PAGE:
Chal Raha Hoon
by Ayesha binte Rashid
Umair Jaswal wrote Chal Raha Hoon in the throes of the heartbreak that followed a breakup; a heartbreak, “to the point where you don’t see the sun rising. It’s a very dark space when you feel like you will never get over this,” he now remembers. While the song was written during his university years, it is only now reaching his audience and represents a vulnerability that is increasingly becoming apparent in his music.
Written from a place of loneliness and helplessness, Chal Raha Hoon captures the grief of losing someone you love. With them gone, life continues to move forward, days passing into nights, nights into days, but it feels hollow and devoid of joy. “The sunlight, it burns me. The distances, I am counting them. But I am still walking onwards because life can’t stop. Life is always moving,” says Umair, summing up the essence of the song. He doesn’t agree with the old adage, “time heals everything,” – time doesn’t heal anything at all, he says, you merely get used to the pain so that it doesn’t seem unbearable anymore.
For Umair, this was a relationship that changed his life. Some relationships are unlike any other – they show you a part of yourself which you weren’t aware of before. This one was it for Umair. When you lose a relationship like this, he says, it’s hard to replace it with another bond.
In losing the person Umair loved, he learnt important lessons – looking back now, he muses that it’s necessary to lose that one person who captures your heart. With time, you realize that it was perhaps a good thing that you did not attain their love. Even if the experience did not lead to the outcome you had wished for, your pain becomes a pathway to personal growth. Umair’s eventual takeaway from the pain was the desire to do better and show that he can be good enough, not for anyone else, but for himself. These undertones can be seen in Chal Raha Hoon, which, even in its grief, draws on the hope that shines through the dark cloud of sadness. “You’re still living, you’re still breathing. The sun is still shining, life goes on and so do we.”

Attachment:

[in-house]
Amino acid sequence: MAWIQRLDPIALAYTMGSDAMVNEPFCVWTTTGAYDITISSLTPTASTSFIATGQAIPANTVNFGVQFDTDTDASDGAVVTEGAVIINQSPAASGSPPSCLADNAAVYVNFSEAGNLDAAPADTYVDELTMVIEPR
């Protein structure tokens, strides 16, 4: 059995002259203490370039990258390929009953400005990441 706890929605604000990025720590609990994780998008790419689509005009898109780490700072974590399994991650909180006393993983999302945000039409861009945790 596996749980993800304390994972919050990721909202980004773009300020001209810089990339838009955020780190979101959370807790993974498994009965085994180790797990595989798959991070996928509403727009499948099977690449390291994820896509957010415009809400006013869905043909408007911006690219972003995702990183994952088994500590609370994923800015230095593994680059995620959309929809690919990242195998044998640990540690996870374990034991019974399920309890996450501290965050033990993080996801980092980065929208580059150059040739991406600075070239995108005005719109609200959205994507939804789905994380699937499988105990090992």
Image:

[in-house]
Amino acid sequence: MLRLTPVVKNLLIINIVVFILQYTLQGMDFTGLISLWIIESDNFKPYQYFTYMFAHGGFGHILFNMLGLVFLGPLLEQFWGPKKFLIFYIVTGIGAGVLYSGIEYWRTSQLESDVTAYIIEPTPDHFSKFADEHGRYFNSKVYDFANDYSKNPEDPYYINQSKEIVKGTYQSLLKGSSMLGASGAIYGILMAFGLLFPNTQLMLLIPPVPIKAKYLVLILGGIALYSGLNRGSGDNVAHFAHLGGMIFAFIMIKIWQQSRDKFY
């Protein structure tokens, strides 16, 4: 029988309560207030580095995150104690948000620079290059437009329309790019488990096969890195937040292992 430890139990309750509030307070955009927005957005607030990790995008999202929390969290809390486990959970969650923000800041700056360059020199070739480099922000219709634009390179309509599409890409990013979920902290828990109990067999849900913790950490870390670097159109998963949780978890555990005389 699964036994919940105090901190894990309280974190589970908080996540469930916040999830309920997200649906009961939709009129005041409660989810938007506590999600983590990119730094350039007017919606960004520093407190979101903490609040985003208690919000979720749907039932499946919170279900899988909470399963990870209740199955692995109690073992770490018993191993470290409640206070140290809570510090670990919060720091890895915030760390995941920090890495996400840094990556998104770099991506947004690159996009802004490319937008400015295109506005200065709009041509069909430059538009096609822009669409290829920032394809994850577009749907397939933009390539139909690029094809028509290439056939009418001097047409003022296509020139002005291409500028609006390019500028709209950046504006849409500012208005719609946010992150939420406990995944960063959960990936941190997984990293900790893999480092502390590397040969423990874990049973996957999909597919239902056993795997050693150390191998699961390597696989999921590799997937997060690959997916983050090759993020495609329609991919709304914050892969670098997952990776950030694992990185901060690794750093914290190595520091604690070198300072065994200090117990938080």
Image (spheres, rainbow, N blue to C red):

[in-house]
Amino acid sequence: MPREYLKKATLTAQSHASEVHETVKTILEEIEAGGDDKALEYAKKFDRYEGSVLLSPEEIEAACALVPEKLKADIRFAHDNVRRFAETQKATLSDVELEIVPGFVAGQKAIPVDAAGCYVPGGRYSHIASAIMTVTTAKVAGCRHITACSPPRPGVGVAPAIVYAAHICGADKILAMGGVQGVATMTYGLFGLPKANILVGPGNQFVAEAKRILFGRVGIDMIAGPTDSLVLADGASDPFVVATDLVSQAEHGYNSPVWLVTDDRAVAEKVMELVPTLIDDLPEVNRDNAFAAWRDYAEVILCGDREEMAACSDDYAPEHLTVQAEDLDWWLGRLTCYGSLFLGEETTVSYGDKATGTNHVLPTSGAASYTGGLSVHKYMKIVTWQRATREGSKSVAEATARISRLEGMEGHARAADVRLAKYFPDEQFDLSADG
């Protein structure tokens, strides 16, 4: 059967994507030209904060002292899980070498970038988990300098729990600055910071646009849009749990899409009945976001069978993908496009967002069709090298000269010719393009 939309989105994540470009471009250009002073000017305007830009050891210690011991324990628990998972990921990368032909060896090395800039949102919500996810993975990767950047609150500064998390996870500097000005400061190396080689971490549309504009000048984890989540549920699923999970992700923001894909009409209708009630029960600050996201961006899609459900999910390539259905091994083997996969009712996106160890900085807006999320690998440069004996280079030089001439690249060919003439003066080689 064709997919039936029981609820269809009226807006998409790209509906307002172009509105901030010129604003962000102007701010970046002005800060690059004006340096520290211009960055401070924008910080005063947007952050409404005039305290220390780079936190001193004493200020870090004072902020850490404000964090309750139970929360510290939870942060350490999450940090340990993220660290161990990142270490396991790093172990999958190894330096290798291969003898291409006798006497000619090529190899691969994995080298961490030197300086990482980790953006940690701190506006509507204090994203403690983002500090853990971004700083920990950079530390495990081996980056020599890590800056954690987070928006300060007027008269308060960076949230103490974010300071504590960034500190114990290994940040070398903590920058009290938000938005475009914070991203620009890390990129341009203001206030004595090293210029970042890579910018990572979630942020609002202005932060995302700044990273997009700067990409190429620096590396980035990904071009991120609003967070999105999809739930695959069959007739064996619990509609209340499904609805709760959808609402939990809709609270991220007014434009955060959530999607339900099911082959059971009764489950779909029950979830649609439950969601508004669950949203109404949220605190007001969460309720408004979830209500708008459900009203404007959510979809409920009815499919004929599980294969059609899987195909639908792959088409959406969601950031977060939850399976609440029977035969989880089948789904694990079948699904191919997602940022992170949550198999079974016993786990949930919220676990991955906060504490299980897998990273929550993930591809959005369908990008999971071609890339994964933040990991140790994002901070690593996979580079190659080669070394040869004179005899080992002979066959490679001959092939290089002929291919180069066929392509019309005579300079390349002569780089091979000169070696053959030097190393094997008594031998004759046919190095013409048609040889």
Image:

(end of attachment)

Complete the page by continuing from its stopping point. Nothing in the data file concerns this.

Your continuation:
For an artist, loss and the pain that comes with it eventually turn into the light that nourishes inspiration, as it did for Umair. “People like me take any little heartbreak and nurture it for fifteen years and keep extracting things from it. One heartbreak can give you fifteen different emotions and feelings, as lessons and stories. I think we use it as an advantage.” Heartbreak, it turns out, is a goldmine for an artist like Umair, albeit one that comes with certain opportunity costs.
The creation of Chal Raha Hoon has shaped Umair’s association with the experience and how he remembers it now. To write these lyrics, or any song that comes from a place of truth, Umair finds himself feeling what he writes, a process that exaggerates the pain for him – this collateral is not entirely unintentional. Sometimes one becomes used to sadness, almost comfortable in it, Umair ponders, especially musicians who find their creativity in it. He admits he sometimes finds himself burrowing into the darkness in search for that fuel of inspiration, as loneliness and sadness become muses for his songwriting.
Performing a song, even if it is years after the experience of living it, is like latching on to residual feelings from the past and reigniting them. “When an artist writes a song, no matter what the lyrics are, they are his own. No matter how many times he sings it, or performs it on stage, the song will take him back to that feeling. It’s never easy, it’s like reliving it over and over again, feeling that emotion again and again. You get used to it, but you never get over it.”
Bringing the song off the shelf, dusting it off and bringing it to life has also offered perspective. “It’s an interesting age, when people are discovering themselves. In those days, a little bit of pain would seem monumental and loving someone was a big deal. Now, you feel like laughing about it, but it’s great that (the) emotion in time was captured and was written down” Umair now says.
Eight years have now passed since Umair had his heart broken, and Chal Raha Hoon has come off the shelf. On Coke Studio Season 12’s set, as he sings into the mic in what is almost a croon – his signature growl somewhat muted – the mood on set shifts with the song. In this rendition of his song, Umair finds a literal treatment, notes and rhythm matching the shifting moods of the poetry, inviting the audience to experience the passing of time. Life moves on, days passing into night, and so it does in Chal Raha Hoon.